First off, Holden’s morose was indicated by his lack of sleep. According to “Depression”, some physical signs of depression are “sleeping much more or much less than usual; [...]feeling fatigued, lacking energy.” Holden notably shows signs of these symptoms. During the 48 hours this young man shares his experience, he sleeps very little. Holden leaves Pencey Prep, the school he attended, and did not go to sleep until daylight. Holden says “ I wasn’t sleepy or anything, but I was feeling sort of lousy. Depressed and all. I almost wished I was dead,” (Salinger 90). With a lot of events occurring in Holden’s life, he was feeling overcome and despite the long trip he took from Pencey Prep to New York, he did not feel sleepy, but was lacking energy. He even confesses to feeling very blue. Holden goes out to different places in the night and sleeps only two short times throughout the entire book. Holden Caulfield’s lack of sleep shows us his feeling of disconsolation.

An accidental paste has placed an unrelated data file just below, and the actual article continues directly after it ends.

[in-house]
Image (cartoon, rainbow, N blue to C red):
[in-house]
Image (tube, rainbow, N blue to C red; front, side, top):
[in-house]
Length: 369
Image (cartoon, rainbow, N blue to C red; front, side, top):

In addition, Holden Caulfiel...
... middle of paper ...
...lept for two short periods during the whole book. Holden’s desolation even led him to imagining himself jumping out the window, but he refrained from doing it because he did not like the idea of people looking at him dead. Holden’s choice of words and actions convey to the readers his feelings of melancholy and pessimism. Holden’s distress affected him so much, it became his oppressor. Abjection affects many people today, but they do not have to let themselves be controlled and fight back. If a person suffers from abasement they need not be afraid to talk to someone about their feelings and be compelled to seek help. Albert Ellis said “ You largely constructed your depression. It wasn’t given to you. Therefore, you can deconstruct it.” Each year over 17 million people fall into a depression, but the last question remains: are they going to choose to fight against it?
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